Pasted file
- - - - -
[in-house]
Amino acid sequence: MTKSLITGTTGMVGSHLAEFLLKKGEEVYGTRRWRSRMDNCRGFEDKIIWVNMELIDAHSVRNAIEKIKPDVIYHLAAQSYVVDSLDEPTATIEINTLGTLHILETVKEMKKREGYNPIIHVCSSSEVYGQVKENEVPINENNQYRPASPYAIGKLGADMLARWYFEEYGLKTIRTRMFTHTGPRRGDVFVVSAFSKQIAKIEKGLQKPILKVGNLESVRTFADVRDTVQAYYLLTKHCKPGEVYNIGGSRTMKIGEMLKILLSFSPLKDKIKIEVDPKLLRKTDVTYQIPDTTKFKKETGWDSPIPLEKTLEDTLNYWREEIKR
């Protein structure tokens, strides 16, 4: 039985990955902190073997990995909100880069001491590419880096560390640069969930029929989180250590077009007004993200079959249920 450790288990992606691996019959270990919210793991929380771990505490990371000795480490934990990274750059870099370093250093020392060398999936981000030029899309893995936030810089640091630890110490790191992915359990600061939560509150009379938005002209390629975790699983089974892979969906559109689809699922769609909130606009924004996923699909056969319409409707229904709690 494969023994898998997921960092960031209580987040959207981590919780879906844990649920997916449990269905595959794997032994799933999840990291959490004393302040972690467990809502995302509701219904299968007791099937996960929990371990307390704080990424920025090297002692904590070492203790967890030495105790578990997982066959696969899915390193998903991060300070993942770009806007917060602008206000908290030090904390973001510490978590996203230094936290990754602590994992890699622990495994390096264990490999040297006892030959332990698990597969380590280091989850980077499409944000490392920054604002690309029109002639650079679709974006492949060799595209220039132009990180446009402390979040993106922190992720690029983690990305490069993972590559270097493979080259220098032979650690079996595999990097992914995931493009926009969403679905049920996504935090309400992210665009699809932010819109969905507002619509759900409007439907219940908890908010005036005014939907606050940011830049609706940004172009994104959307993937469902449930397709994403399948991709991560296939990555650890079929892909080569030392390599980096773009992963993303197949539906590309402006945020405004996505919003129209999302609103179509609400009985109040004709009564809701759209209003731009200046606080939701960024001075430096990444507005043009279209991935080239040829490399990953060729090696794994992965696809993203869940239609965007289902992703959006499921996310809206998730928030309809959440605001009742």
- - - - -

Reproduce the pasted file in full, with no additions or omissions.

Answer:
[in-house]
Amino acid sequence: MTKSLITGTTGMVGSHLAEFLLKKGEEVYGTRRWRSRMDNCRGFEDKIIWVNMELIDAHSVRNAIEKIKPDVIYHLAAQSYVVDSLDEPTATIEINTLGTLHILETVKEMKKREGYNPIIHVCSSSEVYGQVKENEVPINENNQYRPASPYAIGKLGADMLARWYFEEYGLKTIRTRMFTHTGPRRGDVFVVSAFSKQIAKIEKGLQKPILKVGNLESVRTFADVRDTVQAYYLLTKHCKPGEVYNIGGSRTMKIGEMLKILLSFSPLKDKIKIEVDPKLLRKTDVTYQIPDTTKFKKETGWDSPIPLEKTLEDTLNYWREEIKR
């Protein structure tokens, strides 16, 4: 039985990955902190073997990995909100880069001491590419880096560390640069969930029929989180250590077009007004993200079959249920 450790288990992606691996019959270990919210793991929380771990505490990371000795480490934990990274750059870099370093250093020392060398999936981000030029899309893995936030810089640091630890110490790191992915359990600061939560509150009379938005002209390629975790699983089974892979969906559109689809699922769609909130606009924004996923699909056969319409409707229904709690 494969023994898998997921960092960031209580987040959207981590919780879906844990649920997916449990269905595959794997032994799933999840990291959490004393302040972690467990809502995302509701219904299968007791099937996960929990371990307390704080990424920025090297002692904590070492203790967890030495105790578990997982066959696969899915390193998903991060300070993942770009806007917060602008206000908290030090904390973001510490978590996203230094936290990754602590994992890699622990495994390096264990490999040297006892030959332990698990597969380590280091989850980077499409944000490392920054604002690309029109002639650079679709974006492949060799595209220039132009990180446009402390979040993106922190992720690029983690990305490069993972590559270097493979080259220098032979650690079996595999990097992914995931493009926009969403679905049920996504935090309400992210665009699809932010819109969905507002619509759900409007439907219940908890908010005036005014939907606050940011830049609706940004172009994104959307993937469902449930397709994403399948991709991560296939990555650890079929892909080569030392390599980096773009992963993303197949539906590309402006945020405004996505919003129209999302609103179509609400009985109040004709009564809701759209209003731009200046606080939701960024001075430096990444507005043009279209991935080239040829490399990953060729090696794994992965696809993203869940239609965007289902992703959006499921996310809206998730928030309809959440605001009742």